Monday, 19 November 2012

What Makes us Like a Character?

What makes you like the main character of a novel?

Is it that they confide in the reader their darkest fears and secrets? That they feel 'real', showing us their insecurities? Or the opposite - do you like a character who is gung ho action? Does it have to be a good combination of the two?

When you are creating a compelling, likeable, sympathetic characters, are there things you think about?

I ask because I have been thinking a lot about character lately. I have read books where I don't necessarily 'like' the main character, but their voice feels so compelling and real, that it draws me in anyway. Yet a main character who I feel for, who speaks my inner fears, who makes me laugh - those stay with me.

So is the question a compelling character, rather than a likeable one?

Interested to know your thoughts.


  1. I guess it depends if the reader can connect in some way. The main character in my books wasn't the most likeable in the first book, but people identified with him and then watched him grow and change over the course of the story.

  2. I like characters that I can admire on some level - even if it's just admiring their gumption. I want to be able to relate to them, but also see them doing things I wouldn't quite have the guts to do myself. ;)

  3. I think your last question is a good one, and it's more about creating "compelling" characters than "likable" ones. I have tremendous respect for writers whose characters I start off as indifferent to, or even actively disliking, and by the end, I'm completely in love and rooting for them!

  4. I think it is about compelling characters. I didn't really like Bella in Twilight, but I read the whole dang series. That said, my favorite characters are the ones that I find compelling and I like. :) Why I like them varies a lot though, just like real people. :)

  5. This is a question I've given myself sleepless nights over, before realising that, if everyone I asked gave me their answer, I'd still be none the wiser because everyone likes different things! Personally, a strong voice wins out for me. I've read books where I've outright hated the characters, but still enjoyed the book because the voice was interesting.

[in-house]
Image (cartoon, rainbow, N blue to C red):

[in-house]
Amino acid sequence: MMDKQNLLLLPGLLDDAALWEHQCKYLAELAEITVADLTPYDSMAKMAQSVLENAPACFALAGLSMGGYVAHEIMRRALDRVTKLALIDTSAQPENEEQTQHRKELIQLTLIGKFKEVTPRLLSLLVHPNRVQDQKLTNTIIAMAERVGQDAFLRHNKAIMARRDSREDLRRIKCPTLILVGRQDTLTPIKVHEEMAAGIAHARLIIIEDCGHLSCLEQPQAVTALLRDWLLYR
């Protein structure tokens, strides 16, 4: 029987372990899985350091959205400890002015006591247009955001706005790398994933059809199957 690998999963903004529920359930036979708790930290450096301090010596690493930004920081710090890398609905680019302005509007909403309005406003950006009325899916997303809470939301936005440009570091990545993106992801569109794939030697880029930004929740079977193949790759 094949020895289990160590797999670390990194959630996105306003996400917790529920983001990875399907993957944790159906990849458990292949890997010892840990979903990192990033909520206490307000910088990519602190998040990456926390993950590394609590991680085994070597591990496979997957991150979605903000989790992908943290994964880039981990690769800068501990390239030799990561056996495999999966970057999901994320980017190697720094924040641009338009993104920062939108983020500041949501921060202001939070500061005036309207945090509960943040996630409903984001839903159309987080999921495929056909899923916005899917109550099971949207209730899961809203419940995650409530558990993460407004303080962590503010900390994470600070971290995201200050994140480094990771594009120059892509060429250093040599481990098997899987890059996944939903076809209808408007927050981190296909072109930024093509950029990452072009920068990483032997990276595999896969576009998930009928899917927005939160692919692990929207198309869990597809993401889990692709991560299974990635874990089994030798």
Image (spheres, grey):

6. I like characters with depth and a story to tell--not your average Jane Doe cookie cutter--someone with a hearty background. I like characters who are imperfect, too. I want their flaws to mirror mine so I can feel what they are feeling, and go through the story in their eyes.

  7. I like a character to grow throughout the novel. They have to feel real at first, but if they don't show any real growth despite going through the events of the novel, I lose interest in them pretty fast. Watching them make the same mistakes over and over again without drawing any new insight makes me want to punch them in the nose. :D

  8. I don't think they have to be likeable, they just have to be relateable,quirks and all ;)

  9. Alex - interesting, I think growing and changing is important as we follow a character!

    Susan - good answer, I agree strength is important.

    Nicole - very interesting, yes I agree it's good to see people taking that scary step and seeing what happens!

    Thea - yes I think characters can be compelling without always being likeable - a tricky balance I think!

    Rachel - yes Twilight is a good example of a compelling character even when we may not like them!

    Kyra - yes true if you asked everyone you'd never get anyone!

    Randi - yes imperfect I think is important too, so we can recognise those imperfections and like the character in spite of them.

    Laura - yes I agree growth is important, we want to feel that this story has changed them in someway.

    J.A. - relateable is a very good way to put it!

    Thank you everyone, very interesting answers!

  10. strong but not mean, not too much attitude
    knows their faults, sometimes to a fault
    has at least one good friend
    not stupid, i hate a dimwit!
    thats good, and some of these may be part of them that they learn to fix or become aware of...

  11. I'm drawn to characters the opposite of me. Someone who I'd like as a friend even if no one else likes her. =)

  12. Tara - knowing their faults is a very good one. And funny! I must try to be funnier ;)

    E. - yes that's a nice description, someone you'd like a friend. Somebody you want to be in the company of for that book, definitely.

    Thanks both!


Please comment, I'd love to know what you think! :)